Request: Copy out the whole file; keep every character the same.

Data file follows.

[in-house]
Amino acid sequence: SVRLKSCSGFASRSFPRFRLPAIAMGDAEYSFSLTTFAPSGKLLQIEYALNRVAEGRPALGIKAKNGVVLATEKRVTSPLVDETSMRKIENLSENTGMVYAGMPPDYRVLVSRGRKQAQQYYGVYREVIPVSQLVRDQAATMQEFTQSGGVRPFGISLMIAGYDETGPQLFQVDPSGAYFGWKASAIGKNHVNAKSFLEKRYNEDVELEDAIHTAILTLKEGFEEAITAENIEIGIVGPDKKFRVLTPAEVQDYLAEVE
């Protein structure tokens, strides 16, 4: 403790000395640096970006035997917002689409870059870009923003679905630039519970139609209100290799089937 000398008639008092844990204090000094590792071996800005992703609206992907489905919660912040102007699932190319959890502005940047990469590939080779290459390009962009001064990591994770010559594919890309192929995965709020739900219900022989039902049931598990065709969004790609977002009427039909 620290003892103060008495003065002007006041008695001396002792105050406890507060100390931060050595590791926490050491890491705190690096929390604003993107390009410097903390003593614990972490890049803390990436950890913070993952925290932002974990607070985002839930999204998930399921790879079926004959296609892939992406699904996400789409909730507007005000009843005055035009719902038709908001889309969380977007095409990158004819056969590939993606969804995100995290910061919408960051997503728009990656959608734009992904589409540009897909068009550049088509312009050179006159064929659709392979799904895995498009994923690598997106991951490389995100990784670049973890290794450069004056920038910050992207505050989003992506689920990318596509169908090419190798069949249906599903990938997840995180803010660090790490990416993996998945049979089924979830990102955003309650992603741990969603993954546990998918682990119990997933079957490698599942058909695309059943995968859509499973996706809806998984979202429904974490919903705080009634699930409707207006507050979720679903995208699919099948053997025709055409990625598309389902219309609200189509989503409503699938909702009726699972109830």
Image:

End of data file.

[in-house]
Amino acid sequence: SVRLKSCSGFASRSFPRFRLPAIAMGDAEYSFSLTTFAPSGKLLQIEYALNRVAEGRPALGIKAKNGVVLATEKRVTSPLVDETSMRKIENLSENTGMVYAGMPPDYRVLVSRGRKQAQQYYGVYREVIPVSQLVRDQAATMQEFTQSGGVRPFGISLMIAGYDETGPQLFQVDPSGAYFGWKASAIGKNHVNAKSFLEKRYNEDVELEDAIHTAILTLKEGFEEAITAENIEIGIVGPDKKFRVLTPAEVQDYLAEVE
């Protein structure tokens, strides 16, 4: 403790000395640096970006035997917002689409870059870009923003679905630039519970139609209100290799089937 000398008639008092844990204090000094590792071996800005992703609206992907489905919660912040102007699932190319959890502005940047990469590939080779290459390009962009001064990591994770010559594919890309192929995965709020739900219900022989039902049931598990065709969004790609977002009427039909 620290003892103060008495003065002007006041008695001396002792105050406890507060100390931060050595590791926490050491890491705190690096929390604003993107390009410097903390003593614990972490890049803390990436950890913070993952925290932002974990607070985002839930999204998930399921790879079926004959296609892939992406699904996400789409909730507007005000009843005055035009719902038709908001889309969380977007095409990158004819056969590939993606969804995100995290910061919408960051997503728009990656959608734009992904589409540009897909068009550049088509312009050179006159064929659709392979799904895995498009994923690598997106991951490389995100990784670049973890290794450069004056920038910050992207505050989003992506689920990318596509169908090419190798069949249906599903990938997840995180803010660090790490990416993996998945049979089924979830990102955003309650992603741990969603993954546990998918682990119990997933079957490698599942058909695309059943995968859509499973996706809806998984979202429904974490919903705080009634699930409707207006507050979720679903995208699919099948053997025709055409990625598309389902219309609200189509989503409503699938909702009726699972109830």
Image: